Moreover, wastewater in Yemen is frequently reused for irrigation purposes by farmers due to a lack of awareness about safety risks.[42][43] High concentrations of Escherichia coli, Streptococcus faecalis, Klebsiella pneumoniae, Enterobacter aerogenes, Salmonella  typhi, S. typhimurium, and Shigella sonnei - among other harmful fecal coliforms - are present in this wastewater, and transmit to humans when they consume foods irrigated by it.[44]

Official dumping sites for solid waste are being created increasingly close to communities, which has increased the risk of infection and general health issues among citizens.[40] This is especially true for the roughly 70% of citizens without access to potable water, who consume water from wells near dumping sites.[40]

El Nino[edit]

Adult Chironomid

The El Nino Southern Oscillation phenomenon is a major driver of climate variability associated with health outcomes, including influencing cholera dynamics due to changes in rainfall.[45] For example, in East Africa, there was an upsurge in cholera cases in areas with increased rainfall, along with an increase in cases in areas with decreased rainfall.[45] In the 2015-2016 El Nino event, there were an additional 50 000 cases of cholera in East Africa.[45] Based on genomic approaches, there was a linkage found between the epidemic in Yemen starting in 2016 and the earlier outbreaks in East Africa.[46]  This alludes to a possible connection between cholera in East Africa and Yemen.[47] Chironomidae are natural reservoirs and carriers of the Vibrio cholerae bacterium.[47] It has been suggested that adult chironomidae may aerially carry the bacterium between bodies of water, assisting in the transmission of cholera.[47] Based on this evidence, it is hypothesized that the El Nino conditions over the Gulf of Aden may have contributed to the transmission of cholera from the Horn of Africa to Yemen through wind effects on cholera-contaminated flying insects.[47]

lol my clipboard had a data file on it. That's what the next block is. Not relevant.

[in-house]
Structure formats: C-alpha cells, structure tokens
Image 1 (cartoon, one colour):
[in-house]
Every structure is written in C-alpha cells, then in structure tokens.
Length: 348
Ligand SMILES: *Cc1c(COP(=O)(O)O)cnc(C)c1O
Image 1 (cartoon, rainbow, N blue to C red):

Health services and infrastructure collapse[edit]

As of 2016, the government ended funding for public health, leaving many employees without salary.[9] The impacts of the outbreak were exacerbated by the collapse of the Yemeni health services, where many health workers remained unpaid for months.[48] A months-long strike of sanitation workers over unpaid wages contributed to the accumulation of garbage[4][7] that entered the water supply.[9]

Qadri, Islam and Clemens write that the dramatic April 2017 resurgence coincided with heavy rains, and "was amplified by war-related destruction of municipal water and sewage systems".[4] An International Committee of the Red Cross (ICRC) worker in Yemen noted that April's cholera resurgence began ten days after Sana'a's sewer system stopped working.[48]

Raslan et al write in Frontiers in Public Health: